Friday, September 4, 2009

Stars in My Crown

What a Golden Age of Kennedy Assassination history and interpretation! Masterpieces of writing and research: Gerald McKnight's brilliantly argued Breach of Trust; Professor Joan Mellen's white-hot Farewell to Justice; and the tributary hymn-of-despair in David Talbot's Brothers. (We've also had the occasional fly-in-the-ointment from hall monitors and disinformationists: Waldron, Myers, Russo, Sturdivan, Bugliosi, Robert Stone. And it is amusing how virulently, predictably, and cowardly the mainstream media -- the Cerberai of the Unspeakable - continue to bark at the moon. As Lyndon Johnson once said: "Throw your bread upon the waters, and the sharks will get it.")

James Douglass's JFK and the Unspeakable is also a hymn, in a way a companion piece to the Talbot book. But Douglass's sound is a hymn of belief, hope, and transcendence. In Kennedy's murder by the forces of the Unspeakable, a contemporary crucifixion, Douglass sees meaning beyond the resulting Vietnam genocide, beyond the takeover of our society by back-stabbers, soul-crushers and ghouls, beyond the shifting of cultural meaning toward something hideously empty and narcissistic -- meaning in the symbol of a man willing to die for his beliefs, for his (in Douglass's term) "turning." One can argue with this, for at the heart of Douglass's profoundly spiritual argument, there is something anti-political. Rather than viewing John Kennedy's murder as a political and economic act by men who saw themselves only in those terms, we experience it through Douglass's writing as a modern day Stations of the Cross. First Station: Kennedy refuses war with Laos. Second Station: Kennedy refuses invasion and air attacks during the Bay of Pigs; Third Station: Berlin Wall goes up, Kennedy lets it stand. Etc. It is an agony, as we follow Kennedy's turning and his movement toward the Golgotha of Dallas.


So what do we do? Much can be said for acceptance and a belief in transcendence, a belief in Grace. But as Jack Kennedy said: "Here on earth, God's work must truly be our own." Do we let this crucifixion stand? Do we accept the vampires now in almost complete control? Do we try to protect a man who may soon be experiencing his own turning, Barack Obama? (Not necessary.) Do we take up arms against a sea of troubles and by opposing end them? Can they ever be ended here on earth? Do we let Catholicism be defined by Hitler-Jugend Joseph Ratzinger, the man who led the war against Liberation Theology? Do we let Christianity be defined by Tim LaHaye and his life-haters?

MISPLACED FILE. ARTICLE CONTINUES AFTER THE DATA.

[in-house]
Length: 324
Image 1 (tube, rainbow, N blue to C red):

Such questions. That JFK and the Unspeakable forces us to ask them marks the Douglass book as a rare and beautiful masterpiece, one I'll be going back to many times through the years.

Thursday, September 3, 2009

Goodbye, Ted

As Senator Ted Kennedy leaves us, he takes with him a spirit and humanity and hunger for justice as vanished from American political life as is the Whistlestop. He was the Job of his time. Who has ever had to face the public grief this man faced? Not only his three brothers, his beloved older sisters, his nephews Michael and John Jr. He also had to face the heartbreak of the country he loved so much and worked so hard to humanize being turned into a snake-pit of psychopathic ambition, grimness, self-delusion, historical ignorance, and endless lies.

He was born to serve and serve he did, in a tireless and very serious way. If we failed to appreciate him during his lifetime, perhaps it was because he was a man being compared to myths. Every day he fought for the weak against the strong -- in a society now controlled by beasts.


He made his brothers proud.

Wednesday, September 2, 2009

Sorrow and Loss: Kitano's "Dolls"